But it rests on a very fundamental misunderstanding of how options are awarded.
It’s not very likely the executives of Broadcom was destined to get a set amount of options, and so pricing them on an earlier date inflated their pay.
In 1972, a new revision (APB 25) in accounting rules resulted in the ability of any company to avoid having to report executive incomes as an expense to their shareholders if the income resulted from an issuance of “at the money” stock options.
In essence, the revision enabled companies to increase executive compensation without informing their shareholders if the compensation was in the form of stock options contracts that would only become valuable if the underlying stock price were to increase at a later time.
The reporters note that the chief financial officer of Broadcom urged that the options awards to executives be dated on December 24th.
They then add: That sure is snide and sounds clever.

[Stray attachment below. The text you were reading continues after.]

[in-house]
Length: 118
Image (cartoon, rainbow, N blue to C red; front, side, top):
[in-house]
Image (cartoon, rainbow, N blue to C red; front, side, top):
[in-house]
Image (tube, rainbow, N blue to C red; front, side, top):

Backdating does not violate shareholder-approved option plans.It’s far more likely that the executives at Broadcom were going to receive total compensation packages worth a certain amount, and that dating the option grants earlier just allowed the company to issue fewer options.The explicit nature of the chief financial officer’s email makes it very clear that the intent was not to somehow conceal how much the executives were getting paid.Additionally, companies can use backdating to produce greater executive incomes without having to report higher expenses to their shareholders, which can lower company earnings and/or cause the company to fall short of earnings predictions and public expectations.Corporations, however, have defended the practice of stock option backdating with their legal right to issue options that are already in the money as they see fit, as well as the frequent occurrence in which a lengthy approval process is required.The SEC’s opinions regarding backdating and fraud were primarily due to the various tax rules that apply when issuing “in the money” stock options vs.the much different – and more financially beneficial – tax rules that apply when issuing “at the money” or "out of the money" stock options.In an earlier piece we discussed the issues surrounding the growing practice of corporations “grossing up” various payments due their executives in an attempt to shield them from further tax consequences.Now Charles Forelle and James Bandler in the Wall Street Journal report on the purported practice of “backdating option grants” for executives so as to maximize their value for the executives who receive them [Ed.: Executive pay at VTSS, MERQE, ADI, CMVT and BRKS were questioned -- see chart from WSJ].Professor notes the academic research on the topic and provides a legal perspective on the practice of backdating: There’s nothing inherently illegal about either paying large compensation or even backdating an option contract, so long as proper corporate procedures were followed and the grant does not amount to a waste of corporate assets.Where public corporations are concerned, however, failure to disclose the backdating likely would constitute securities fraud.